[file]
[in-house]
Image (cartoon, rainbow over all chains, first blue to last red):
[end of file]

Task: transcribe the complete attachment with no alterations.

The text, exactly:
[in-house]
Image (cartoon, rainbow over all chains, first blue to last red):